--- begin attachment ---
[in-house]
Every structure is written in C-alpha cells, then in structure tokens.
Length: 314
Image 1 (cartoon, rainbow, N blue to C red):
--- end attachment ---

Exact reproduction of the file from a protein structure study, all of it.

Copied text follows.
[in-house]
Every structure is written in C-alpha cells, then in structure tokens.
Length: 314
Image 1 (cartoon, rainbow, N blue to C red):